One summer, I was sitting in Greece breathing a huge sigh of relief that our whole family including two pets safely arrived on the first leg of a momentous trip. I had created some goals for my time there. I have so much I want to accomplish each day. And I found I follow through if I make it official and write it down. My goals for these trips are different than my regular life ones. Some are small like, walk every day or do yoga with my daughter. Others are more aspirational like; create another painting with the kids. And yet others are just fun, like try out at least 5 recipes to add to our next cookbook.
I took stock as I sat there on the end of two full days with only a tiny dent in my “to dos” – all of which I really wanted to accomplish. I had close to zero energy and motivation to do anything about it. It dawned on me that my big life change required me to take a different approach, a re-balancing. I try to make my life like the suitcases I packed to the gills to fit in our car with 5 people and two pets. I tucked t-shirts, underwear and socks in every crevice, not wanting to waste any space. I want to live my life that way too; filled to the brim with things that matter to me; time with friends and family, giving back, my work, my garden, my writing, the list goes on. But it takes me effort and focus to find ways to fit it all in again when my foundation shifts as it did with our relocation to Europe.
I was reminded of a work call some years ago about a technical issue where load balancers were discussed. Apparently, because of an unexpected event we reached near peak capacity and some load balancers “fell over” which led to downstream effects. There was a discussion by techie types that you needed to always have excess capacity to handle an expected spike, which they had in this case. But the spike was much bigger than planned for; so they were adjusting for the future.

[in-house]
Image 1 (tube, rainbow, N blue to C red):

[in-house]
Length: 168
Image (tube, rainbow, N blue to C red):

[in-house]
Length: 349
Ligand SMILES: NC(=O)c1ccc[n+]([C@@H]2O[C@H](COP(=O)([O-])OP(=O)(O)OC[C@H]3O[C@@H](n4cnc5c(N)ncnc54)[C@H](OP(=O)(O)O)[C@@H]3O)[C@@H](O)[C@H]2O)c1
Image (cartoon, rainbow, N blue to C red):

The discussion stayed with me over the years. I don’t want to waste “excess capacity” waiting for the occasional spike. So I load up my life to nearly its full potential. But the unfortunate result is when I have a spike, like last year’s international assignment and move, my personal load balancers fall over. It takes me some time to get everything working back as it was before and that is okay, even good.
Time is so precious; I don’t want to waste it. But I also want to leave time to breath and just be. This is a constant tug of war inside me that is most exposed during times of transition. One evening during that summer, our handyman, who honestly is less handy than you would expect but he is pretty much the only game in town, was fixing our hot water heater. Suddenly the house went dark. Apparently his screwdriver slipped and he cut off our power. Much about that explanation didn’t make sense to me either.
|Good times in Greece|